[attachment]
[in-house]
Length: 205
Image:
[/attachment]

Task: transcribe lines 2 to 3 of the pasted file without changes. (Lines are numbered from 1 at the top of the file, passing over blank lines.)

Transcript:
Length: 205
Image: